Steven might correct me, but I believe this music-based camaraderie started when were about 15, when we realized we had similar listening habits. By that I don’t mean we listened to same bands, but we had a similar attitude to music. In particular, we both took an active approach to discovering new artists and to learning more about the artists we did listen to – something most of our classmates didn’t seem that interested in; or at least were not vocal about.

So this realization lead to some lunchtime symposia and CD exchanges. When, in the summer of 2000, I bought a secondhand bass guitar, he was the first person I ever played music with. He came over to our house and we played some Pixies and R.E.M. songs. That was the day he got me into The Clash, too.

And we’ve been great friends ever since. Aww!

Funnily enough, although that all began when were 15 or so, we’ve known each other since we were 7 or 8. In the early years we didn’t really get on at all. Hate’s a very strong word, but for exaggerated emphasis I’m going to go ahead and say we hated each other. I guess we can file this under the bridge-building power of music…

My introduction to Fugazi came from one of those early jam sessions in 2000. We were picking out songs to play and Steven suggested ‘Turkish Disco’ from the Instrument Soundtrack, because of its brilliant bass line:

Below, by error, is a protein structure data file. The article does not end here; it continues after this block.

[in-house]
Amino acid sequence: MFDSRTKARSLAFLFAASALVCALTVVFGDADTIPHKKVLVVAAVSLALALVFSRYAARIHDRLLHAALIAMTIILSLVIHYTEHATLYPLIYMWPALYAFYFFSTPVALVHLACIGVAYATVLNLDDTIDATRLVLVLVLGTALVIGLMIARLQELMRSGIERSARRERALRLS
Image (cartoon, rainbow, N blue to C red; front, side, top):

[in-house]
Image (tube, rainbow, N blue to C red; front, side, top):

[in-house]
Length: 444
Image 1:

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After that piqued my interest, he leant me the 13 Songs compilation and Red Medicine. The former I found it difficult to get into. It was a little bit too “punk” for me at the time. (At least, that’s what I thought at the time. Thinking about it now, that was a somewhat unusual reaction to have.) Well, obviously I loved ‘Waiting Room’. But it’s impossible not to love ‘Waiting Room':
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Red Medicine was a different beast altogether. For one, it had possibly the best, most abrasive opening 50+ seconds to any album I’d heard: